Finally, assume toward contradiction that $\mu$ concentrates on the set $C$ of points whose iterates are not eventually periodic. This set is the union of those connected components of the graph that do not contain a cycle. (Each such component is therefore a tree.) By the axiom of choice, let $D$ select exactly one point from each component of $C$. Let $C_0$ be the points in $C$ whose shortest distance to a point in $D$ has even length, and $C_1$ the points with odd distance to $D$. Thus, $C=C_0\sqcup C_1$ is a partition of $C$, and $f^{-1}C_1\subset C_0$ and $f^{-1}C_1\subset C_0$, since applying $f$ once will change the distance by exactly one. So again, neither set can be in $\mu$, since either would force the other also into $\mu$, contradicting that they are disjoint.

So the only possible case is that $\mu$ concentrates on the fixed points of $f$. QED

The theorem appears to be first proved by Katetov, Commentations Math Univ Carolinae 8 (1967), 432-433, with a related result given by Frolik 1968, and Andreas Blass's dissertation (1970).

You may also be interested in the proof of the theorem written by Bob Solovay.

Finally, I note that the proof uses the axiom of choice, and I am given to understand that the theorem is not provable in ZF. Perhaps someone else can post an answer explaining how a positive answer to your question is consistent with ZF, even though it is ruled out in ZFC.

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Although the question only states as its hypothesis the implication that $A\in\mu\to f^{-1}A\in\mu$, in fact this implies the biconditional $A\in\mu\leftrightarrow f^{-1}A\in\mu$, since if $A\notin\mu$, then $X-A\in\mu$ and so $f^{-1}(X-A)\in\mu$, which is disjoint from $f^{-1}A$. –  Joel David Hamkins Mar 11 '13 at 0:38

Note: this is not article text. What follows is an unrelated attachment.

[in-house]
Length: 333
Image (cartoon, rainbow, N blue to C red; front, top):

Hi Joel, thanks for the cute proof and the extensive references! –  Santi Spadaro Mar 11 '13 at 23:31
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Although the question has already been thoroughly answered, it might be worthwhile to point out that the result can be separated into the combinatorial "meat", which doesn't involve ultrafilters, and a small corollary where the meat is fed to the ultrafilter problem. The meat is the following theorem, which is, if I remember correctly, explicit in the early references; it is essentially proved (though not stated) in Joel Hamkins's answer here. Given any set $X$ and any function $f:X\to X$, there is a partition of $X$ into four disjoint (possibly empty) sets $X=A_0\sqcup A_1\sqcup A_2\sqcup A_3$ such that $A_0$ is the set of fixed points of $f$ and each of the other three $A_i$'s is disjoint from its image under $f$. Once one has this result, one immediately sees that any ultrafilter on $X$ must contain one of the four $A_i$'s and if that $A_i$ isn't $A_0$ then the ultrafilter can't be $f$-invariant as in the question.